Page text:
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The Pend Oreille Scenic Byway

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The Pond Oreille Scenic Byway follows Highway 200 east from Sandpoint to the Montana border, between the mountains of northern Idaho and its most unforgettable lake.

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During the end of the last ice age, retreating glaciers and the ensuing floods scarred and reformed the landscape of Idaho’s Panhandle. One result of this large-scale terraforming was the pendant-shaped Lake Pend Oreille (pronounced pond-ah-ray): the biggest lake in Idaho at 148 square miles, and the fifth-deepest in the entire US. Its shores are almost completely unpopulated, with just a few towns dotting the northern coast. The lake is so deep and so remote that, during WWII, the US Navy used it to conduct submarine testing.

Although we only saw a fraction of the lake during our drive along its northeastern shore, it was enough to impress. Just outside of Hope, we drove onto a peninsula which is home to the David Thompson Wildlife Reserve. A herd of deer were grazing on the lawns, completely undisturbed by our presence. Even when we left the car and approached them, they continued grazing and munching apples. We got within a couple feet, and possibly could have pet them.

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Deer aren’t the only wildlife found around Pend Oreille’s shores; the great majority of the lake is in the Coeur d’Alene Forest, home to grizzlies, wolves, bobcats, bald eagles and owls. The southern tip of the lake is where the Navy set up the Farragut Naval Training Station, following the Japanese attack on Pearl Harbor; in its day, it was the second-largest training station in the world. The Navy has left, and today the area is a state park just ten minutes from Silverwood.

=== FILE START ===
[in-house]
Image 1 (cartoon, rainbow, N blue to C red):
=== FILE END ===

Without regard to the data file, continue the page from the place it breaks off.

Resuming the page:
After passing Clark Fork, the highway leaves Pend Oreille and skirts along the Clark Fork River, which extends 310 miles into Montana and is that state’s largest river, by volume. We continued until reaching the border, where we’d hoped to see the 1952 Cabinet Gorge Dam, but found it closed for construction. Unfortunate, because it looks pretty cool.

The scenic byway is only 33 miles long but took us about three hours round-trip, accounting for the frequent photo stops. Enjoy our pictures of what might be Idaho’s most gorgeous lake.

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October 30, 2012 at 3:05 pm Comment (1)

Burgdorf Hot Springs

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Idaho Souvenirs

On the drive back from historic Warren, we decided to check out the Burgdorf Hot Springs. This had been an area sacred to the Nez Perce tribe, but was taken over during the gold mining days by an enterprising fellow named Fred Burgdorf. He saw the financial potential in the natural hot springs, and turned Burgdorf into one of Idaho’s first resort towns.

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Burgdorf has been owned privately since opening in 1870. It was the first commercial hot spring we visited in Idaho; you can bathe for as long as you want, for $6 per person. Besides the large main pool, which maintains a comfortable heat of 100°F, there are two smaller pools which are much hotter, at 112°F. The guy working the desk warned me to bathe in these pools for no more than two minutes at a time. I had a hard time staying in even that long.

Burgdorf is famed locally for the lithium in its water. We’ve heard that some visitors will even drink from the pool for the therapeutic effects of the lithium… which, considering the number of people who bathe here, probably isn’t the greatest idea. Lithium is known for its ability to smooth the edges and after my dip in the pool, I definitely felt relaxed.

Burgdorf has fifteen cabins which you can rent for $35 per adult ($10 per child). With its beautiful location in the woods just 30 minutes north of McCall, it would make for a great, and very relaxing, weekend.

Location on our Idaho Map
Burgdorf Hot Springs – Website

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September 20, 2012 at 6:55 pm Comments (0)

The Wildlife Canyon Scenic Byway

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Don’t Come To Idaho Without Binoculars

33 miles of paved road between Banks and Lowman constitute the Wildlife Canyon Scenic Byway. Although we didn’t see any elk during our trip, they’re a common sight during the winter. Along the road, there’s even a turn-out with binoculars pointed at a large plain called Gallagher Flat, where they especially like to congregate.